This article originally appeared on Time.
(PORTLAND, Ore.) — Unease about white supremacist activity in Portland deepened after the fatal stabbings of two men who tried to shield young women from an anti-Muslim tirade, and some people worry that the famously tolerant community could see a resurgence of the hostilities that once earned it the nickname “Skinhead City.”
The attack aboard a light-rail train happened Friday, the first day of Ramadan, the holiest time of the year for Muslims. Authorities say Jeremy Joseph Christian started verbally abusing two young women, including one wearing a hijab. When three men on the train intervened, police say, Christian attacked them, killing two and wounding one.
Christian, 35, was defiant during his brief initial court appearance Tuesday, shouting: “You call it terrorism I call it patriotism!”
He made repeated outbursts saying “you’ve got no safe place!” and “death to the enemies of America!”
Christian, who faces aggravated murder and other charges, didn’t enter a plea. His next court date is June 7. He has been appointed public defenders. In a statement Lane Borg, the head of the local public defender agency, said the office was “saddened by this tragedy” but urged people to let the justice system take its course.
The deaths stunned the city, but also underscored nervousness about recent events, including a series of apparent hate crimes in the region and contentious public rallies that have drawn national attention.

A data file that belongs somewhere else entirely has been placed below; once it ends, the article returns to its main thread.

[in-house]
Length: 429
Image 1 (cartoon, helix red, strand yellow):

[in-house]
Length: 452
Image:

The Pacific Northwest has a long and violent history of white supremacist and other racist activities, despite its more recent reputation for being one of the nation’s most socially liberal regions.
“The idea that Portland is so liberal supersedes this dark, hidden secret about racism,” said Karen Gibson, a professor of urban studies at Portland State University.
The lone man to survive Friday’s stabbings says he’s having a difficult time processing what happened. KGW-TV reports that Micah Fletcher says he’s focusing on trying to get better.
“I’m healing. That’s what I’m doing. As much as I can, in whatever way I can,” Fletcher told the station. He was released from the hospital Monday.
Many of the early settlers to Oregon were from Southern states and brought with them negative attitudes about blacks, Gibson said.
Only about 6 percent of the Portland population is black, while more than 70 percent is non-Hispanic white, statistics show.
Some residents said President Donald Trump has caused those racist demons to stir again with his administration’s travel ban, his promise to build a wall along the border with Mexico and his crackdown on illegal immigration.
“I don’t have that feeling like it can’t happen here — the way people talk about Portland — because we’ve got racism. We’ve got all kinds of things,” said Murr Brewster, who came to see a memorial at the city’s transit center.
“It’s everywhere and the trouble is, it’s getting more and more prevalent.”
On Monday, Mayor Ted Wheeler asked the federal government to revoke a permit it issued for a Sunday rally in downtown Portland, saying he fears it could further enflame tensions. The event organized by the group Patriot Prayer is billed on its Facebook page as a Trump Free Speech Rally in “one of the most liberal areas of the West Coast.” Several counter-protests are planned.